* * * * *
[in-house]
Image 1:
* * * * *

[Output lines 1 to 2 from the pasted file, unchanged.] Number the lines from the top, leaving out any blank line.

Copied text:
[in-house]
Image 1: